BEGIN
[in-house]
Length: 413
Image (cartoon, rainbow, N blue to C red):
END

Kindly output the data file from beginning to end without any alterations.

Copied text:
[in-house]
Length: 413
Image (cartoon, rainbow, N blue to C red):